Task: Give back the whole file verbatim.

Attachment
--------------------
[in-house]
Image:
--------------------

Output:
[in-house]
Image: